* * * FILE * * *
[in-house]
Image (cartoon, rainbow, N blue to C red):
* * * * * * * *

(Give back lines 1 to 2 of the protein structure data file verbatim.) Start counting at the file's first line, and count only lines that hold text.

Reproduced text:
[in-house]
Image (cartoon, rainbow, N blue to C red):